NHS staff in northern England ‘exhausted’ amid second wave fears | World news

Doctors and nurses in areas of northern England with some of the highest Covid infection rates have described being “physically and emotionally” exhausted, as the NHS braces itself for the second wave of the pandemic.

Most of the north has been put into the tier 2 “high risk” category, with Merseyside in the highest – tier 3 – bracket. While politicians debate whether a nationwide circuit breaker would be a more effective instrument to curb spread of the virus, frontline staff – still scarred from the first wave – are under no illusions as to what lies in store.

Carmel O’Boyle, a nurse in Liverpool, who is also chair of the Royal College of Nursing’s Greater Liverpool and Knowsley branch, said members of the public had used A&E and primary care sparingly during the first national lockdown but mixed messages and a lack of trust in the government had led to people throwing caution to the wind and attendances were rising accordingly.

“The nurses across my branch are frightened and exhausted – physically and emotionally,” she said. “They’ve been dealing with this for months and now there are more people in hospitals than there were in March. Although we know a little bit more about how to treat people and the kind of path of the disease process, it’s still frightening. It’s just so demanding and so draining to be nursing people in this manner without any family involvement and with the complications that there are.”

NHS staff expressed concerns about the ability of hospitals to juggle the needs of Covid patients and those without the virus. To cope with the first wave, tens of thousands of planned operations were cancelled. However, with waiting lists hitting record levels over the summer, trusts are under pressure to clear the backlog while simultaneously dealing with the new influx of coronavirus cases.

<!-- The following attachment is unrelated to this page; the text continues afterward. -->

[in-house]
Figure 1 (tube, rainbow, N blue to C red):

A consultant in Manchester, who did not want to be named, said her hospital coped with the first wave but “the difference this time is that we’re trying to continue all of the elective activity and that’s going to be challenging.

“I do think that we will manage the Covid cases. I just now worry about whether we will be able to continue to keep the normal care for people who need their operations [and] need care for cancer.

“We were all concerned that the winter would bring with it other pressures but we were quietly hopeful we had some immunity, but it’s just not been the case and it’s quite obvious now that this is a bona fide second wave.”

On a more personal level, she said she was also worried about how she would balance the demands of work and being a mother, when her school-aged daughter “inevitably” had to self-isolate because of her mother’s profession.

Simon Thornton, a heart failure specialist nurse at Royal Liverpool hospital, echoed her concerns about winter and said morale was lower than it was during the first wave.

“I’ve got to decide if I bring them [outpatients] into hospital and expose them to risk, or leave them hanging in the wind where they might get unwell,” said Thornton

“If we get really stretched and the Nightingale hospitals pull staff out, what will happen to my patients? Before coronavirus happened, winter was always horrendous anyway … I don’t see how it isn’t going to be even worse [this year].”



Prof Dinesh Saralaya. Photograph: Professor Dinesh Saralaya/Guardian Community

Prof Dinesh Saralaya, a consultant respiratory physician in Bradford, said the winter presented “a huge challenge”, exacerbated by the difficulty of differentiating between Covid and flu, but staff were up to it.

“The number of patients in hospital with coronavirus has tripled in the last three weeks but we’ve been treating it flat out in Bradford – we’ve never had a Covid-free ward,” he said. “But we as a clinical team can recognise it better and have better treatments.

“The first time it was a novel illness, so emotions were running high, and medical professionals were dying so we were being treated as heroes, but the novelty wears off,” Saralaya said. “We’ve treated it for seven months now, so in a sense we’re resigned to it. We’re continuing as we would normally do, this is what we signed up for as doctors and nurses.”


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